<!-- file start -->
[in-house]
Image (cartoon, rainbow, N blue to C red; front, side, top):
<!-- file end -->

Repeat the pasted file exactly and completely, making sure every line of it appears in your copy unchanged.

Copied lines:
[in-house]
Image (cartoon, rainbow, N blue to C red; front, side, top):